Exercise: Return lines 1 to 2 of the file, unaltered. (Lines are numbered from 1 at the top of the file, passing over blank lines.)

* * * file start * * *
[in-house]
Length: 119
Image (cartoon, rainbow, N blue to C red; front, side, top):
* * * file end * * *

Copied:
[in-house]
Length: 119